Governors remain firm on new umbrella pension scheme

The Council of Governors (CoG) denied claims that it went against its own technical committee’s report in endorsing County Pension Fund (CPF), formerly Laptrust, as an umbrella pension for county workers.

After The Standard reported that the county chiefs ignored the committee’s report, the council, in a paid-up advert in local dailies, defended itself saying it was guided by the County Governments Act.

The county chiefs dismissed concerns raised by the Transition Authority and stuck to their guns, ordering the County Public Service Boards and advising the County Assembly Boards to implement the decision.

The statement co-signed by council Chairman Isaac Ruto and Kisii Governor James Ongwae who chairs the Human Resource and Social Welfare Committee, said their directive will only affect new employees while those already in the two existing schemes will choose between CPF and Laptrust

“Accordingly the CoG, on the 14th of May 2014, endorsed Laptrust (Umbrella) Retirement Fund (currently processing change of name to County Pension Fund), that currently caters for various sponsors, as the scheme of choice to offer retirement benefits in line with provisions of Section 135 of the County Governments Act,” the statement reaWWds.

An official of the Council of Governors Secretariat , Mr Antony Casese, yesterday explained the council was in the process of merging the administrative services of two exiting pension schemes – Lapfund and Laptrust – as per the team’s report, adding that they were bound by the law to pick an existing umbrella pension scheme.

In a circular dated June 16, 2014, the CoG informed all County Public Service Boards of their resolution to endorse Laptrust, which is currently rebranding into County Pension Fund, as the scheme of choice to offer retirement benefits to public servants at the devolved unit.

Isaac Ruto, in the circular, directed all chairs and secretaries of County Public Service Boards to implement the resolution immediately, citing the resolution of the council’s meeting held on May 14, 2014.

This is in spite of a technical team recommendation by the Presidential Task Force Committee chaired by Abdikadir Mohamed that Laptrust and Lapfund be merged to create CPF.

It is also not clear if Laptrust is a private or public scheme since its directors do not report to any ministry and its accounts are not inspected by the Auditor General.

There are also fears that governors want to bypass Parliament. Lapfund is a State Corporation and its status can only be changed by Parliament through a repeal or amendment of the law.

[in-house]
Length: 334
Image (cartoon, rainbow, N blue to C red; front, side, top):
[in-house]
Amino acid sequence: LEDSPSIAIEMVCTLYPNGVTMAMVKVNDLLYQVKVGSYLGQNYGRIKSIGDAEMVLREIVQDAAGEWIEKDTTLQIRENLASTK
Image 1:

Yesterday, Mr Casese sought to clarify this position.

“We have not ignored the report since most of the recommendations are being implemented, an in any case their recommendations were not legally binding.”

He said CPF is a pension scheme registered under the Retirement Benefits Act and thus cannot be referred to as “private”. On the proposed merger of Laptrust and Lapfund, the Council of Governors says it will form a team to determine how to merge their administration.

Although the technical team recommended the marrying of Laptrust and Lapfund, Casese said Council of Governors was not in favour of this route since it would take too long as it would have to go through Parliament. The technical team chaired by David Nyakundi from RBA wanted Laptrust and Lapfund closed and their administrative services merged as per Article 96 of the Constitution.

Laptrust was established as the Kenya Local Government Officers Superannuation Fund under Legal Notice No 313 of 1963 to provide pensions to public officers of the defunct local authorities.

According to RBA, through an amendment of the legal notice, Laptrust through a resolution by trustees changed the name to LAPFUND Retirement Benefits, and entered the change of name on  April 1, 2011, at the Registrar of Companies.

“Regulation 16 of the Retirement Benefits (Occupational Retirements Benefits Scheme) regulation 2000 made under the RBA Act requires any amendments to the scheme rhules be communicated to the authority for approval. This change of name of the scheme was not communicated to the RBA,” the regulator’s board secretary Nyakundi B. D wrote to the AG on November 22.

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